Speed up equation for pipelining l.jpg
Speed Up Equation for Pipelining

Speedup from pipelining =

=

=

Ideal CPIpipelined = CPIunpipelined /Pipeline depth

Speedup =



It s not that easy for computers limitation l.jpg
It’s Not That Easy for Computers: Limitation

  • Limits to pipelining: Hazards prevent next instruction from executing during its designated clock cycle

    • Structural hazards: Hardware cannot support this combination of instructions that has to be executed in the same clock cycle (washer+dryer)

    • Data hazards: Instruction depends on result of prior instruction still in pipeline (one sock missing)

    • Control hazards: Pipelining of branches & other instructions. Common solution is to stall the pipeline until the hazard “bubbles” through the pipeline


Instruction level parallelism l.jpg
Instruction Level Parallelism

  • Longer pipeline

  • Laundry analogy: Divide our washer into three machines that perform the wash, rinse and spin steps of a traditional machine

  • To get the full speedup,we need to rebalance the remaining steps so that they are of the same length

  • Amount of parallelism exploited is higher, since there are more operations being overlapped


Advanced pipelining techniques l.jpg
Advanced Pipelining: Techniques

  • Motivation:

    To further exploit the Instruction Level Parallelism (ILP)

  • Multiple Issue

    Replicate the internal components of the computer so that it can launch multiple instructions in every pipeline stage

  • Dynamic Pipeline scheduling (or) Dynamic Pipelining (or) Dynamic Multiple issue by hardware to avoid pipeline hazards


Multiple issue superscalar l.jpg
Multiple Issue: Superscalar

  • Launch multiple instructions in parallel

  • A Superscalar laundry would replace our household washer and dryer with say , three washers and three dryers. Also followed by 3 assistants to fold and put away thee times as much laundry in the same amount of time.

  • Downside extra work needed to keep all the machines busy and transferring load to next pipeline stage.

  • Superscalar is defined as executing more than one instruction per clock cycle


Performance metrics cpi ipc l.jpg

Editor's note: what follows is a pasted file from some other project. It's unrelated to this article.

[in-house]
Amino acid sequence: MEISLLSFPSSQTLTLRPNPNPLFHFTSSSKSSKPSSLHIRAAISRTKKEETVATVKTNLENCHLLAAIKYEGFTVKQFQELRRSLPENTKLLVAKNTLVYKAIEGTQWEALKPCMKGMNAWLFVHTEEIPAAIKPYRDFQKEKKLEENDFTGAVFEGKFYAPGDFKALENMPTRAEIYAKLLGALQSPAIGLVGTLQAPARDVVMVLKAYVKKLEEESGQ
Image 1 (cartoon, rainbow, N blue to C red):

Performance Metrics: CPI & IPC

  • Instruction execution rate exceed the clock rate

  • Example: 6GHz, 4-way multiple-issue microprocessor can execute at a peak rate of 24 billion instructions per second and have a best case of CPI of 0.25

  • Instructions per clock cycle (IPC) (for the above case: 4)

  • Assume a 5 stage pipeline such a processor would have 20 instructions in execution at any given time.


Multiple issue processor decision strategy l.jpg
Multiple issue processor: Decision Strategy

  • Static Multiple Issue

  • Decisions are made at compile time before execution

  • Software based

  • Compiler scheduling

  • VLIW(Very Long Instruction Word)

  • Dynamic Multiple Issue

  • Decisions are made at run/execution time by the processor

  • Dynamic scheduling

  • Hardware based


Static multiple issue processor l.jpg
Static Multiple Issue Processor

  • Issue Packet: Set of instructions which can be paired to form one large instruction with multiple operations (VLIW)

  • Relies on Compiler to take on responsibilities for handling data and control hazards

  • Some of the compiler’s responsibilities may be static branch prediction and code scheduling


Getting cpi 1 static 2 issue pipeline l.jpg
Getting CPI < 1:Static 2 Issue pipeline

  • Superscalar MIPS: 2 instructions, 1 ALU & 1 LOAD instruction

    – Fetch 64-bits/clock cycle; ALU on left, Load on right

    – Can only issue 2nd instruction if 1st instruction issues

    Type Pipe Stages

    ALU instruction IF ID EX MEM WB

    Load instruction IF ID EX MEM WB

    ALU instruction IF ID EX MEM WB

    Load instruction IF ID EX MEM WB

    ALU instruction IF ID EX MEM WB